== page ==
i accidentally a scheme
Good evening, dear hackfriends. Tonight’s missive is an apology: not quite in the sense of expiation, though not quite not that, either; rather, apology in the sense of explanation, of exegesis: apologia. See, I accidentally made a Scheme. I know I have enough Scheme implementations already, but I went and made another one. It’s for a maybe good reason, though!
one does not simply a scheme
I feel like we should make this the decade of leaning into your problems, and I have a Scheme problem, so here we are. See, I co-maintain Guile, and have been noodling on a new garbage collector (GC) for Guile, Whippet. Whippet is designed to be embedded in the project that uses it, so one day I hope it will be just copied into Guile’s source tree, replacing the venerable BDW-GC that we currently use.
The thing is, though, that GC implementations are complicated. A bug in a GC usually manifests itself far away in time and space from the code that caused the bug. Language implementations are also complicated, for similar reasons. Swapping one GC for another is something to be done very carefully. This is even more the case when the switching cost is high, which is the case with BDW-GC: as a collector written as a library to link into “uncooperative” programs, there is more cost to moving to a conventional collector than in the case where the embedding program is already aware that (for example) garbage collection may relocate objects.
So, you need to start small. First, we need to prove that the new GC implementation is promising in some way, that it might improve on BDW-GC. Then... embed it directly into Guile? That sounds like a bug farm. Is there not any intermediate step that one might take?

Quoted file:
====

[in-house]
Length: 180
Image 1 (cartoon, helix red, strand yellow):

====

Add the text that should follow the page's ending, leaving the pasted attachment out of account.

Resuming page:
But also, how do you actually test that a GC algorithm or implementation is interesting? You need a workload, and you need the ability to compare the new collector to the old, for that workload. In Whippet I had been writing some benchmarks in C (example), but this approach wasn’t scaling: besides not sparking joy, I was starting to wonder if what I was testing would actually reflect usage in Guile.
I had an early approach to rewrite a simple language implementation like the other Scheme implementation I made to demonstrate JIT code generation in WebAssembly, but that soon foundered against what seemed to me an unlikely rock: the compiler itself. In my wasm-jit work, the “compiler” itself was in C++, using the C++ allocator for compile-time allocations, and the result was a tree of AST nodes that were interpreted at run-time. But to embed the benchmarks in Whippet itself I needed something C, which is less amenable to abstraction of any kind... Here I think I could have made a different choice: to somehow allow C++ or something as a dependency to write tests, or to do more mallocation in the “compiler”...
But that wasn’t fun. A lesson I learned long ago is that if something isn’t fun, I need to turn it into a compiler. So I started writing a compiler to a little bytecode VM, initially in C, then in Scheme because C is a drag and why not? Why not just generate the bytecode C file from Scheme? Same dependency set, once the C file is generated. And then, as long as you’re generating C, why go through bytecode at all? Why not just, you know, generate C?
after all, why not? why shouldn’t i keep it?
And that’s how I accidentally made a Scheme, Whiffle. Tomorrow I’ll write a little more on what Whiffle is and isn’t, and what it’s doing for me. Until then, happy hacking!
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